2 year fixed rates and re-mortgaging


New data from Moneyfacts has highlighted that borrowers who opted for a cheap two-year fixed rate mortgage two years ago, are more likely to re-mortgage from their Standard Variable Rate (SVR) to a new deal than those whose fixed deals ended in October 2014.
Charlotte Nelson, Finance Expert at Moneyfacts, said: “Two years ago, the mortgage market experienced an aggressive drop in rates, which saw the average fall from 3.41% in October 2014 to 3.06% in March 2015. Borrowers who took advantage of lenders fighting to be the lowest in the market at the time could now find a difference of 1.50% between their previous fixed rate and the current average SVR (4.56%).

Despite the base rate standing at a record low, borrowers will be shocked to find that their monthly repayments could increase by £163.81 a month or £1,965.72 a year on average if they settle for the SVR. This could provide a strong motivation to re-mortgage, with the re-mortgage market having already seen substantial activity in recent months as customers have continued to take advantage of the record low rates. Especially as the average two-year fixed rate stands at 2.33% today, sitting on a lender’s SVR should be avoided if possible.

This increased motivation to switch deals will also mean providers will need to yet again compete heavily or face losing a substantial proportion of their mortgage book. However, it may be difficult for lenders to find room to lower rates even further, causing them to look at other parts of the mortgage package to try and attract customers.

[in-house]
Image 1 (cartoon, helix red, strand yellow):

Faced with such a big jump in monthly repayments, it clearly pays for borrowers to shop around and re-mortgage. However, re-mortgage customers must consider all aspects of the mortgage to ensure they are getting the best deal for them.”

Rob’s comments, it is always good practice to ensure that you review your mortgage at the end of every deal. You need to ensure that your payments are protected from future interest rate raises and you also need to consider that low rates will not be here forever and at some point, you may want to complete a 5 or even 10 year fixed rate if you intended to stay in your property long term.


Leave a Comment